Arbitration and mediation are the most common forms of ADR utilized to settle a commercial dispute. Both arbitration and mediation may be preceded by negotiation between the parties in the dispute. Aside from the fact that both arbitration and mediation can save both parties in the dispute substantial amounts of time and money when compared to litigation, there are some key differences between these two processes that are also worth understanding.

Mediation

Mediation is a process that takes place outside of the legal system between two private parties in a commercial dispute. It should be noted that while mediation can be mandated in the course of litigation to bring about a resolution to a dispute, mediation can also occur between two private parties without any mandate by the court. In mediation, the two parties involved in the dispute are brought together to attempt to resolve the dispute with the help of a mediator, who is a neutral third party charged with facilitating discussion and resolution.

Mediation differs from arbitration in that the mediator cannot make a binding determination regarding the dispute. Rather, in mediation the two parties themselves must come to an agreement on a resolution to the dispute with the assistance of the mediator. While not all mediations are successful, this can be an attractive option for reducing the costs associated with litigation and bringing about a timely resolution to a commercial dispute.

Arbitration

Arbitration is a second common form of ADR used in commercial disputes by parties who wish to avoid the costs and time associated with litigation. In arbitration, both parties present their side of the case to a neutral third-party, referred to as an arbitrator. In order for arbitration to occur, both parties must agree to the terms of the arbitration. The arbitration may be before a single arbitrator, or multiple individuals in that role.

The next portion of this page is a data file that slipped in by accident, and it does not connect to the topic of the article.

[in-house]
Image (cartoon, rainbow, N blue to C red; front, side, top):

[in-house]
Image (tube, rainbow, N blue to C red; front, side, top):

In form, arbitration is a less formal version of a trial. Both sides will make a statement before the arbitrator, and provide evidence that supports their respective positions. In some cases, there may be a limited form of discovery during arbitration, however, it is important to note that arbitration differs significantly from litigation in that the parties may not need to follow rules of evidence applicable in court. Once the arbitrator has listened to the statements made by both sides and reviewed the evidence, he or she will then issue a decision. The ability of an arbitrator to make a final determination in a commercial dispute is the most significant difference between mediation and arbitration, although the form of the two processes is different as well. The decision made during arbitration may be binding, in which case it will be legally enforceable and upheld by the court.

Final Thoughts

Commercial disputes can encompass a wide range of activities, from breach of contract to a breach of fiduciary responsibility and beyond. Commercial disputes are, at their core, centered around a disagreement between two business entities. How those entities settle their dispute is often largely up to the parties involved in the dispute themselves. Although many parties that are involved in a commercial dispute may believe that litigation is their only recourse, there are a variety of mechanisms that can be used to settle commercial disputes. Among these are arbitration and mediation, both of which offer the benefit of being far less costly and time-consuming than going to court. Additionally, these vehicles for dispute resolution can give both parties more control to shape the outcome of the dispute.

Although an attorney is not always required to resolve a commercial dispute, it is in your best interests to consult with a qualified commercial litigation attorney both before and during the process. The best defense against a commercial dispute is to avoid the dispute entirely. For example, a breach of contract dispute can often be avoided by utilizing a skilled attorney to draft the contract in the first place. If some form of dispute resolution must take place, whether it be mediation, arbitration, or litigation, a commercial litigation attorney will be able to guide you through the process and ensure that your best interests are being represented at all times. If you are involved in a commercial dispute, contact the experienced commercial litigation attorneys at Bremer Whyte Brown & O’Meara, LLP.